I’ve been wanting to try this technique called Tongzhong for a while now. The technique is Asian and it is used to make bread softer and stay fresh longer. The first step is to make the Tongzhong, which is a roux that takes less than a minute to cook.
You use a ratio of 5:1, water to flour, mix over medium heat, stir until the mixture reaches 65 degrees Celsius (149 degrees Fahrenheit), and then allow the mixture to cool to room temperature before using it.
The mixture can be used immediately upon cooling to room temperature or it can be stored in the refrigerator for a few days (if it turns grey do not use it!).
You can also convert any bread recipe to include Tongzhong if you know the total flour weight in the recipe. Simply calculate 5% of total flour weight and use that amount to make your Tongzhang. Easy! And so worth it since the bread will stay fresher longer.
This particular recipe produced a very stiff dough and so I’d recommend adding a tablespoon or 2 of water if needed. Here is my dough before kneading, which I had to do by hand because the dough just spinning around the hook of my KitchenAid.
And, here it is after 15 minutes or so of kneading including a few minutes of rest here and there…
After the dough rose, I portioned it into 8 pieces (3 ounces each [85 grams]) and formed the dough into balls.
After shaping the dough into balls, gently flatten them just a bit and then let them rise.
I didn’t allow mine to rise sufficiently because I was in a rush! Kids were getting home from school and I wanted them to have fresh buns with their burgers. They loved them!!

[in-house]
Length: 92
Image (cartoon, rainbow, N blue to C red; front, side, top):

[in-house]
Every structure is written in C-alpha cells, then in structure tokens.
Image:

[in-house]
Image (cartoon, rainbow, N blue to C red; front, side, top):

I also topped with cornstarch mixture and sesame seeds but will use egg wash next time, which is my usual.
Ahhh…yum!! These were good! I will definitely be making these again very soon!
Recipe and method from: More than Bread blog
whole wheat hamburger buns (Tongzhong method)
- 2.5 tablespoons bread flour (17 grams)
- 1/3 cup water (85 grams)
Fro the Dough
- 1 1/4 cup bread flour (201 grams)
- 1 cup white whole wheat flour (144 grams)
- 2 tablespoons ground flax
- 3 tablespoons sugar
- 1 teaspoon instant yeast (7 grams)
- 1 large egg
- 1/2 cup water (135 grams)
- 1 teaspoon salt (5 grams)
- 2 tablespoons of unsalted butter (36 grams)
For topping the buns
- sesame seeds
- egg wash (one egg thinned with ~1 tablespoon of milk or water)
To make the Tongzhong
- Combine 2.5 tablespoons bread flour with water and heat over medium heat until a roux forms and the temperature reaches 149 degrees F (lines will form when you stir it). This will take less than a minute. Remove from heat and cool to room temperature.
To make the bread, combine all ingredients including the Tongzhong but NOT the salt and butter in a bowl of a standing mixer and knead until the dough comes together.
- Add the salt and continue kneading for 7 minutes in stand mixer or 15 minutes by hand.
- If the dough is too sift, add 1 to 2 tablespoons of water.
- Lastly, add the softened butter and knead for another 2 minutes.
- Place the dough in a greased bowl and let rise until doubled in bulk (1 to 3 hours depending on temperature. You can speed this up by placing the dough in your oven (set to OFF) with a pan of boiled water)
- After the dough has risen, gently remove from bowl and cut into 8 equal portions (85 grams or 3 ounces each)
- Form into balls, place of parchment lined baking tray, brush with egg wash, and let rise again for about 45 minutes to 1 hour
- Preheat oven about 30 minutes before baking and place a baking pan on the bottom rack or oven floor.
- Before baking, brush the buns again with egg wash and sprinkle with sesame seeds
- Just before placing bread in oven, add about 1/2 cup of water to baking pan to create steam.
- Bake at 400 degrees F for 15 minutes.
Depending on what brand flour you use, you may need to add a tablespoon or 2 more of water
Allow sufficient time for dough to rise or bread will be dense
The first rise will take longer than the second rise. Times will vary depending on ambient temperature. It is better to underproof than overproof during the final proofing.
Not allowing enough time for first proof will result in heavier bread.